Do you really know Marlon Alves, Assistant Professor of Strategy and Researcher at SKEMA Business School? Let’s find out…
Your favourite researcher: James March. His work on organizational decision-making has greatly influenced my own research in the field of behavioral strategy.
The book you read twice: Honestly, I have a terrible memory for this kind of stuff, but from most recent ones I remember “Lost Children Archive” by Valeria Luiselli. It’s a thought-provoking novel that explores themes of family, identity, and migration.
The book you read on the beach: To be honest, I don’t really read on the beach. I’m more of a city person, so I prefer to explore new neighborhoods and cultural attractions when I have free time.
The country where you dream to work in: While I’m happy living in Paris, I would love to have the opportunity to work in China someday. The business landscape there is rapidly evolving, and I think there’s a lot of exciting research to be done.
What do you like best about SKEMA: What I like best about SKEMA is the diversity of perspectives and backgrounds that are represented here. It’s truly a global community of scholars and students, and I feel privileged to be a part of it.
Your favourite VR avatar: I don’t really have a favorite VR avatar, as I haven’t spent much time in that world. But I’m always open to exploring new technologies and ways of connecting with people.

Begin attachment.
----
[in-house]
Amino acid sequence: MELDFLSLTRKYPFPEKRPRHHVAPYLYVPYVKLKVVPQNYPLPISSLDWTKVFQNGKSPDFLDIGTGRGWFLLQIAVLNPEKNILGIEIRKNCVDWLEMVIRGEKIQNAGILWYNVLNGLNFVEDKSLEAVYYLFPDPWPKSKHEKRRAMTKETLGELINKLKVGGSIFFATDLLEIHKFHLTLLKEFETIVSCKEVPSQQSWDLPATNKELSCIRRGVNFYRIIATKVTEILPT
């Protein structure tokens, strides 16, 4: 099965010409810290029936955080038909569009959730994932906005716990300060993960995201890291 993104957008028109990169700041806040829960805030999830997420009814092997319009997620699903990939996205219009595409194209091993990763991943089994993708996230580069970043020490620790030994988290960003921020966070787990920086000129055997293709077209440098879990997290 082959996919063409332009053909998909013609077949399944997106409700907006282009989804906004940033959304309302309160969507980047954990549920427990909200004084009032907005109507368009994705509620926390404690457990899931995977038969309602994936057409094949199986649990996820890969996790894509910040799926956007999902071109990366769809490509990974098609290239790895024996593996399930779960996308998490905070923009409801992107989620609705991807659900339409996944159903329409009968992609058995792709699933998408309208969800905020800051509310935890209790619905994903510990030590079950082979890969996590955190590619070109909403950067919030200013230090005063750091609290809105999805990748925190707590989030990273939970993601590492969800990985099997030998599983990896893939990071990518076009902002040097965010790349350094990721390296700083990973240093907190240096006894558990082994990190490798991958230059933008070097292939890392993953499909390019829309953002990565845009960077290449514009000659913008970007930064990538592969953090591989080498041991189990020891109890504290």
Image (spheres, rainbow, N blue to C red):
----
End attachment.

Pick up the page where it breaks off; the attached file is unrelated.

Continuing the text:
The other job you would have liked to do: If I wasn’t a business professor, I think I would have loved to be an architect. I’ve always been fascinated by the intersection of form and function, and I think designing buildings would be an amazing way to express my creativity.
Your favourite fictional character: Sheldon Cooper from “The Big Bang Theory.” His idiosyncrasies and quirks make him a hilarious and endearing character, and I love the way his relationships with his friends evolve over the course of the show.
Your current research topic: I’m interested in investigating how the notion of algorithmic motivation in new organizational structures are changing the way people learn and acquire new skills, and how this might be impacting the future of work.
Your next research topic: While I’m always thinking about new research ideas, for now I’m focused on deepening my current projects. I think there’s a lot of exciting research to be done in this area, and I’m excited to see where it takes me.